Where are all the women?Jessica Howe “There is a prevailing opinion among many men that academics is an entirely cerebral endeavor in which the social roles of men and women have no influence. This clearly is not the case.”
Where are all the women? • In Biology, Chemistry • In Medicine, Law, Media, Business Colhoon Abelson • Not in Computer Science
The numbers grad faculty • EECS 17.5% (140/800) 5.6% (7/125) • CS 18.5% (44/240) 9.1% (4/44) • AI 24.1% (21/87) 5.9% (1/17) AI Web page (1998) • LCS: • Faculty 12.2% • Researchers 29.7% • Graduate 16.4% • Undergraduate 19.1% LLCSW (2002)
The numbers • EECS • CS 19.5% • EE 20.3% • EECS Graduate 19.9% Dept. Statistics (2003) • This year: ~25% of admitted graduate students • Faculty now at 9 women
Why don’t women choose CS? • Discouraged at an early age • Lack of role models • Overly-intense atmosphere, competitive • Socially solitary work • The “nerd” factor • Other science disciplines are more fitting, welcoming • CS is more suited to men than women? • It’s too hard?
Okay, so there’s not many in CS, but so what? • Why is this a problem at all? • Possible Scenarios: • Advertising firms, all Canadian • Authors & news publishers, all frat boys • Basketball teams, all upper-class rich • Computer Scientists, all women
Diverse atmosphere leads to diverse thinking • Strive towards diversity in gender, race, economic backgrounds, etc • President, National Academy of Engineering “Without diversity, we limit the set of life experiences that are applied, and as a result, we pay in opportunity cost - a cost in products not built, in designs not considered, in constraints not understood, and in processes not invented.”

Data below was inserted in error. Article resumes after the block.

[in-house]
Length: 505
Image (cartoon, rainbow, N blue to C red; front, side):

What does a diverse atmosphere look like? • Comfort with asking questions: independence expected, don’t want to “stand out” as ignorant • To be a healthy environment for all, you must feel welcome: not exposed or vulnerable • To be near people like you • Comfortable => productive
Fear: Changing the atmosphere = “dumbing it down” • No, but lowering admissions standards might - Don’t get these confused! • Atmosphere changes: increase peer support • Many brilliant women are not here because they find more welcoming places elsewhere • Example: • Vision ~1/3 women • Systems, um, ~low
Why do I have to help? • Responsibility: community vs. individual • Progress doesn’t happen on its own • We have the ability to change the numbers • It is up to us to do so • You want students and classmates, right? • Falling numbers of undergrads • Uneven attrition rates • More grads more professors more role models more undergrads more grads ….
What do we do? • Spertus, Abelson, study on women in School of Science, Margolis, Cohoon, CRW • Broaden discipline stereotypes • Recruit women • Retain women through mentoring and encouragement
Is it just us? • Through 90’s, 16% CS PhD in US
Why don’t more women just come here? • That would solve a lot of problems • That’s just like saying “get out of poverty” • Social channeling into gender-appropriate careers • They just need to do the same thing men do? • They just need to work harder? • The problem goes back deeper than that
But it started earlier than at the graduate level • Mit undergrads • ~50% women • EECS is still < 20% women • Nationwide • 25% undergrad in EECS
So the only way to fix it is to tutor 6 year olds? • No. • We can influence our surroundings.
But it won’t make a difference if it really starts that young? • We (of both sexes) serve as role models • We directly influence undergrads • As members of a respected academic institution we influence other academic groups • We can recruit and retain at the graduate level • Impact of a woman president?